It’s okay to be lost

not all who wander are lost

There are religions which teach that you were born lost, impure, unworthy, unchosen and in need of salvation. The cure to your fatal disease is to accept and follow the set of beliefs and behaviors outlined in whichever book informed you of your inadequacy. In return for your loyalty, you’re promised that after you die you’ll be spared from a torturous eternal fate you supposedly deserve and get to spend eternity in a vaguely defined paradise.

If you accept this explanation of life, then the path before you will be simple. You just have to keep believing in what you were told and keep following the rules. You can pretty much just relax and wind down the clock on autopilot, and you’ll never have to worry about figuring out the answers to any of life’s big questions yourself. This makes religion sound appealing, but the benefits don’t actually outweigh the cost, because all of the religions humans have invented are simply human inventions. They’re all mythology.

Facing the fact that religion is mythology is terrifying for believers for several profound reasons. First, it means you’ve been lied to and used by the person you thought was your savior, which is too emotionally traumatic for many believers to even consider. Worse than that though, when you lose your religion, you lose your purpose in life and your moral compass. Life is existentially depressing and hopeless if you’re not living with purpose, and it’s confusing if you don’t have a compass. Since you still need answers to life’s questions, if you don’t have a religious book to look them up in, that means you’re responsible for figuring them all out for yourself.

We all know we’re not prophets or Einsteins. We know we don’t have the intelligence or authority to figure out the ultimate meaning of life. This means after you figure out that religion is wrong, you can’t just trade in all your wrong answers for all the right answers. You just lose you’re moral compass and spend the rest of your life lost.

A lot of theists would rather live a comfortable lie than face a lifetime of being lost, not just because it’s scary, but because they view being lost as a sign of weakness, a character flaw that needs to be stamped out. The cold, hard reality of the world we live in, is that we’re born lost, and we’re destined to wander the universe lost until we die. We’ll all face death not knowing what happens afterwards or if our actions mattered. Once you accept that, you can cope with the situation sanely. But denying the reality of the situation only cripples your ability to cope with it, and that’s the definition of insanity. These blogs explain the fantasy-based nature of Christianity in more detail:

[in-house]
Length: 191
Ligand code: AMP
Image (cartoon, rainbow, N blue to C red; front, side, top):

Believing in mythology is like trying to hike across America using a maritime chart of the Indian Ocean for directions. Plus, you’re stuck with a traveling companion who forces you to act the way Indian fishermen acted 2000 years ago, and he constantly tells you you’re not good enough. Accepting that you’re lost, and looking at the universe from an honest, scientific perspective, is like hiking around America with a wilderness survival guide, and your traveling companion is Sherlock Holmes.

If you’re losing faith in mythology, and you’re worried about what to do with your life after you throw away your map of the Indian Ocean, just climb to the top of a mountain, and look down at the forests and fields below you. Not one single tree, flower, or blade of grass is stressing about what to do with their life. They’re just drinking in the universe and reaching for the skies. If you were to look at yourself, standing on top of a mountain, eye-level with the clouds, you’d realize you’re already doing the exact same thing, and it’ll make you feel so alive, that the last thing on your mind will be death.

Of course, everyone can’t spend their whole life meditating on a mountaintop, but why would you want to when there are so many other experiences to be had, problems to be solved and wonderful people to be met? Frankly, you were going to spend your whole life chasing experiences anyway, whether you claim to believe in religion or not. You can just do it more effectively when you’re not blinded, gagged and crippled by fictional, mythological beliefs.

You can look at the mystery of life as an eternal curse, or you can look at it as an endless opportunity. The universe might not look as scary if you focused on how amazing it is. Maybe we’re not even really lost. Maybe we’re already home, or maybe this is what it’s like to leave the nest. Maybe what we’re supposed to be doing is using the tools we were given to fulfill our potential and not just sit around on our knees talking to ourselves and beating ourselves up for failing to live up to the moral standards of primitive cultures.

If you want to know more about living well without mythology, you may find these posts useful:

Biker Philosophy

Ethics

Thinking

Atheism and Agnosticism


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